Archer silence may go against him, judge tells jury

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The Independent Online

The jury in the trial of Jeffrey Archer "may draw the conclusion" that he refused to give evidence in his own defence because "he has no answer to the prosecution's case", the judge said in his summing up yesterday.

Lord Archer of Weston-super-Mare had also refused to answer questions from the police when he was arrested on charges of perjury and perverting the course of justice, Mr Justice Potts told the Old Bailey.

The judge stated that the former deputy chairman of the Conservative Party was within his legal rights not to answer police questions or to go into the witness box. But, he pointed out, the silence "may count against him".

The judge also instructed the jury that the Crown only had to prove one of three accusations in relation to a diary produced to support Lord Archer's case when he successfully sued the Daily Star newspaper, and won £500,000 in damages, over claims that he had sex with a prostitute, Monica Coghlan.

The judge pointed out that Lord Archer has accepted a diary produced by his former personal assistant, Angela Peppiatt, was genuine. That diary stated that the Tory peer had dinner with his film agent, Terence Baker, on the night of 9 September 1986 at Le Caprice restaurant in Mayfair. In the 1987 trial both Lord Archer and Mr Baker had claimed they met on the evening of the 8 September at another restaurant, the Sambuca, and then did not see each other for several months afterwards.

The judge asked the jury to consider "what the consequences would have been in the libel trial if this page in the diary had been available to the judge and the jury".

Lord Archer was, unusually, allowed to leave the dock yesterday afternoon.The judge told the jury that the reason "is nothing to do with the case".

Mr Justice Potts said: "The defendant is not required to answer questions, that is his right. The defendant is not required to give evidence, it is his right not to give evidence. You must not assume that he is guilty because he has not given evidence.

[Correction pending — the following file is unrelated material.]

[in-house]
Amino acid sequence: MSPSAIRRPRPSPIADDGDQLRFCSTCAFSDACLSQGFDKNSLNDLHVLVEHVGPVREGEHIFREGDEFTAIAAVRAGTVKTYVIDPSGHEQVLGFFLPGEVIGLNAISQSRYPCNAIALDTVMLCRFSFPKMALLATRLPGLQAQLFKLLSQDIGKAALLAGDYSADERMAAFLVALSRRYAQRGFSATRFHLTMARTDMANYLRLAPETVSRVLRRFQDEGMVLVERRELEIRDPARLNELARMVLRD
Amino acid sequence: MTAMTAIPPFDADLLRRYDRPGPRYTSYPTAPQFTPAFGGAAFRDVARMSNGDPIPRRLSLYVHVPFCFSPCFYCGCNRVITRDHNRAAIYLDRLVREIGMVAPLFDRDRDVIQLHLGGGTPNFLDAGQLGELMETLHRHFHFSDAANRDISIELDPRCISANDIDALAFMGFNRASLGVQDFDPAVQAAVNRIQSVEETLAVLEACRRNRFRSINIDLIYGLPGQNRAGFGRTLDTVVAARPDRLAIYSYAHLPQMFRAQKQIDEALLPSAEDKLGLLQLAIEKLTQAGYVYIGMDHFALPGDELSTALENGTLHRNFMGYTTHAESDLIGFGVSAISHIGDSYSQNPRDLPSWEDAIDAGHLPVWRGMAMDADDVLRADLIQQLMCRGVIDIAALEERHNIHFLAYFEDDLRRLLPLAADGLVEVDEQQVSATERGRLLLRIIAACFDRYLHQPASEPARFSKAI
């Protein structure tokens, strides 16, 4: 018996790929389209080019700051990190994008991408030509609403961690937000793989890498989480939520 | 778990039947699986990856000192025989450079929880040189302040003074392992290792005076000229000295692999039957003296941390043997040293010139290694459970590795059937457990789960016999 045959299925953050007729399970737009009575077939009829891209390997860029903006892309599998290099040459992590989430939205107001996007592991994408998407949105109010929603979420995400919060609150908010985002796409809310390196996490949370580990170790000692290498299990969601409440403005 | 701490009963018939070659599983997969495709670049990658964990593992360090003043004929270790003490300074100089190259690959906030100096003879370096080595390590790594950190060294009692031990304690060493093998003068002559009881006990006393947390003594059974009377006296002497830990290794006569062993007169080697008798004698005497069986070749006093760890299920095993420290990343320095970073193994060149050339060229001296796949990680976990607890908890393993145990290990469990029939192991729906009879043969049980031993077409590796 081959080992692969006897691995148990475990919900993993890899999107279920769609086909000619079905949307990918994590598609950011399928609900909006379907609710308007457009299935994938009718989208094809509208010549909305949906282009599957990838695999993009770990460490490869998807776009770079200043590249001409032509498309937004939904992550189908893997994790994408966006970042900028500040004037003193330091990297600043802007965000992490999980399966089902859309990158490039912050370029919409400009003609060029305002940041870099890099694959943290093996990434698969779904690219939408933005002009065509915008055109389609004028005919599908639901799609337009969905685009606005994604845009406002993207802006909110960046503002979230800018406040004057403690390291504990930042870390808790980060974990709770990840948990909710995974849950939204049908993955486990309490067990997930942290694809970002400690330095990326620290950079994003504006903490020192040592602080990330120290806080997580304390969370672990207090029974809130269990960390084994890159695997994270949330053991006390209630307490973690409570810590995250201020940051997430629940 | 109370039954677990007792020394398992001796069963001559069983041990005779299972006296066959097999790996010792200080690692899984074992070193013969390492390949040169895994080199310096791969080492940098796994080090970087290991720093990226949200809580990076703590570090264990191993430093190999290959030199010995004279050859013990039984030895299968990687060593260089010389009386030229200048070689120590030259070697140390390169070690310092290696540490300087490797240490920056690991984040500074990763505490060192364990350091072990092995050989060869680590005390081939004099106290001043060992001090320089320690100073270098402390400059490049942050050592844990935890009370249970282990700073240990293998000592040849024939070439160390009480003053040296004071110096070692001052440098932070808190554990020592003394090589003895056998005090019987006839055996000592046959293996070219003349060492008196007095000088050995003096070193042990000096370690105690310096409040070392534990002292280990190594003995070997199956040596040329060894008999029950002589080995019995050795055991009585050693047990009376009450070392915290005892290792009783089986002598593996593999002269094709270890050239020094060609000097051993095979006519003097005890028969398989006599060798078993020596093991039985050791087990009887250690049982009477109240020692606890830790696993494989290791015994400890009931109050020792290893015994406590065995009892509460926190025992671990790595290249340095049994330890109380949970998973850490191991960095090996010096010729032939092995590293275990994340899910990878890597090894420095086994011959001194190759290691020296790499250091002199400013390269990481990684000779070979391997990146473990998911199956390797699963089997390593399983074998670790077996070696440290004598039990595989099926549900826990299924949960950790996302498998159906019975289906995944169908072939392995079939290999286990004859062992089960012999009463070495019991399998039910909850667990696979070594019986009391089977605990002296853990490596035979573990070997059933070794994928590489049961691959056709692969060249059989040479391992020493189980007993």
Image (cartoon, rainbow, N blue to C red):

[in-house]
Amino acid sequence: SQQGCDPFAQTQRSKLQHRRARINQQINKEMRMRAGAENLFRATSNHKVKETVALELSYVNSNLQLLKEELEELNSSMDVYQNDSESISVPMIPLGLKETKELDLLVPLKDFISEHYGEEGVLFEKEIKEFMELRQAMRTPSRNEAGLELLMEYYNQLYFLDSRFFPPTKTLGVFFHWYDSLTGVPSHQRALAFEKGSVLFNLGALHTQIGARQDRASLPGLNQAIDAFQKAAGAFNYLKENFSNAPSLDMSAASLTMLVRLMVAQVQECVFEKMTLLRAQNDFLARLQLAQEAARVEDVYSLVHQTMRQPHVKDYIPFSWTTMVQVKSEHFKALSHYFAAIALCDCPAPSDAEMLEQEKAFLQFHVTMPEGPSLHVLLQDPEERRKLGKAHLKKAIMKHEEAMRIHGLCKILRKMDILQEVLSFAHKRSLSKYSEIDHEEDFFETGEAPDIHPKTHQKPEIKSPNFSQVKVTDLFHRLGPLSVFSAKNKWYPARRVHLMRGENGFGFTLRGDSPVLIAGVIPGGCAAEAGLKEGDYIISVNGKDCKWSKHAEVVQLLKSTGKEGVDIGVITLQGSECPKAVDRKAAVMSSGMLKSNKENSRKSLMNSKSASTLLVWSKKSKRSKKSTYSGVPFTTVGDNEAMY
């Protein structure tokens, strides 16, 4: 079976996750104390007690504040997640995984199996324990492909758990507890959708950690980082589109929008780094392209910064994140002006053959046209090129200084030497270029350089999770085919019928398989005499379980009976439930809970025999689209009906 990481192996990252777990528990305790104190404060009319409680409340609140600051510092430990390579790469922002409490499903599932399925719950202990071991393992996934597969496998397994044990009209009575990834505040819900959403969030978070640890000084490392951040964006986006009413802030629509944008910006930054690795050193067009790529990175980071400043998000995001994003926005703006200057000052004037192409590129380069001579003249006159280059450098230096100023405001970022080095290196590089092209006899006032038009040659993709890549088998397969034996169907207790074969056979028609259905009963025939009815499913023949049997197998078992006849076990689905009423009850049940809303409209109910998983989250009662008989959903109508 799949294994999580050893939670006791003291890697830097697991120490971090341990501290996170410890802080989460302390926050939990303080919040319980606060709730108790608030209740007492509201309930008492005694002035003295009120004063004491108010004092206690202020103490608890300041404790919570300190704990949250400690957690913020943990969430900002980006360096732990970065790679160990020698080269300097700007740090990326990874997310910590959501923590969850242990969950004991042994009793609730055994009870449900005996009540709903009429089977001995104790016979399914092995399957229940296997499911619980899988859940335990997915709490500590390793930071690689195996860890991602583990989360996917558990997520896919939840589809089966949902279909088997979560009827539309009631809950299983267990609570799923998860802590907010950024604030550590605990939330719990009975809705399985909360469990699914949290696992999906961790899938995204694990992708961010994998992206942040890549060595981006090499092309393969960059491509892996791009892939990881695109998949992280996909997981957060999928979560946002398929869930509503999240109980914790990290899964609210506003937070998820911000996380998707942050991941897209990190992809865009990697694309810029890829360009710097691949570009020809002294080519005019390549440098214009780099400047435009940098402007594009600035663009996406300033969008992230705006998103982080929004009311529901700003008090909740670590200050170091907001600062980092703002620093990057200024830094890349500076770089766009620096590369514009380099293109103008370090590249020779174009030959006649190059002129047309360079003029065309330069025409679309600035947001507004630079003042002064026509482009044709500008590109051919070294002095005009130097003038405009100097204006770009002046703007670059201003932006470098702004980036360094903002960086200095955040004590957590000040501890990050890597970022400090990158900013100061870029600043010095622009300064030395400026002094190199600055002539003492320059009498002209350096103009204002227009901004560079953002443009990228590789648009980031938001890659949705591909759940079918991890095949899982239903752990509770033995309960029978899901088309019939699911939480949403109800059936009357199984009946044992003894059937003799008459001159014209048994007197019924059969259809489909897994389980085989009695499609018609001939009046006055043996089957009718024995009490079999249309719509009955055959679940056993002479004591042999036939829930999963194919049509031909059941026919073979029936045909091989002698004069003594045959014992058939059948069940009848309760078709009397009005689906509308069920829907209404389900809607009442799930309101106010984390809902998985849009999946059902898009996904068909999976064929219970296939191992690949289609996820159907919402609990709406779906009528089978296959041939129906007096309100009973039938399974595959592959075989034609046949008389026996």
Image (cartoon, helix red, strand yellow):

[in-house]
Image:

"But you will appreciate that a defendant who has not given evidence has said nothing in the trial to undermine, contradict or explain the evidence put before you by the prosecution. A defendant's silence at his trial may count against him. This is because you may draw the conclusion that he is not giving evidence because he has no answer to the prosecution's case or none that would bear examination.

"You may draw such a conclusion against him only if ... you are satisfied about two things – first, that the prosecution case is so strong that it clearly calls for an answer by him, and second that the only sensible explanation for his silence is that he has no answer, or none that would bear examination."

One of the charges against Lord Archer of "using a false instrument" was dropped at the judge's instructions. He said that it "added nothing" to a charge of perverting the course of justice.

The number of jurors was reduced to 11 after one woman was discharged because of "compelling family reasons".

Lord Archer, 61, pleads not guilty to three counts of perverting the course of justice and two charges of perjury. His fellow defendant, the television producer Ted Francis, 67, denies one charge of perverting the course of justice.